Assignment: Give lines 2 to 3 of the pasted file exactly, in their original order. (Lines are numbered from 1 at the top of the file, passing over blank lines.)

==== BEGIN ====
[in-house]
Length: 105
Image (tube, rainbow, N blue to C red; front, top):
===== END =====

Length: 105
Image (tube, rainbow, N blue to C red; front, top):